World Bank blacklisted Chinese company awarded Maldives bridge project

World Bank blacklisted Chinese company awarded Maldives bridge project
November 16 16:33 2015

A Chinese contractor chosen for the US$200 million Malé-Hulhulé bridge project was blacklisted by the World Bank over fraudulent practices during a road improvement project in the Philippines.

The CCCC Second Harbour Engineering company was sanctioned in 2009 and barred from engaging in any road and bridge projects financed by the World Bank Group until January 2017.

Housing Minister Dr Mohamed Muiz said at a parliamentary committee today that the bidding process for the ‘China-Maldives Friendship Bridge’ was conducted by the Chinese government last week.

CCCC Second Harbour Engineering was chosen from among three companies shortlisted by the Chinese ministry of commerce. A team of 11 experts evaluated the bid proposals.

A spokesperson at the housing ministry told The Maldives Independent that the Maldivian government did not have any role in the bidding process as the bridge project is to be financed through grant aid and concessional loans from China.

“The government of the Maldives is satisfied with the process carried out by Chinese government,” he said,

The process was “transparent and fair,” he added.

The World Bank’s sanction does not apply to projects funded by international parties, the spokesperson noted, adding that CCCC had proposed a price that was US$60 million less than the government’s previous estimate.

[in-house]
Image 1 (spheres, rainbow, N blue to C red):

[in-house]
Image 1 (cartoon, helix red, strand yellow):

A delegation from CCCC is expected to visit the Maldives soon to sign the construction contract.

According to a World Bank statement in July 2011, CCCC and all of its subsidiary companies will remain suspended for an eight year period.

“CCCC is the designated successor entity to China Road and Bridge Corporation (CRBC) which, along with six other firms and one individual, was debarred by the World Bank for eight years, beginning January 12, 2009, following an investigation of the National Roads Improvement and Management Project by the World Bank’s Integrity Vice Presidency (INT)” the statement read.

CCCC was debarred following investigations by the World Bank into allegations of corruption and bribery to win projects in Philippines.

MP Imthiyaz Fahmy, spokesperson of the main opposition Maldivian Democratic Party (MDP), expressed concern with the chosen contractor’s chequered past, suggesting that awarding the bridge project to the company “would again pave the way for more corruption, undermining public confidence for the government.”

The company had also met with opposition in Sri Lanka last year after it was awarded the Colombo port reclamation project.

The Sri Lankan media at the time heavily criticised the decision to award the contract to CCCC, citing sanctions by both the World Bank and the Asian Development Bank.

In March 2009, the Ugandan opposition also raised concern over the awarding of a contract to CCCC to construct a 51-kilometre highway.

“It is wrong for Uganda, being a member of the World Bank Group and a signatory to the United Nations Charter to accept to contract a company which has been blacklisted,” MP Geoffrey Ekanya told Ugandan newspaper Daily Monitor.

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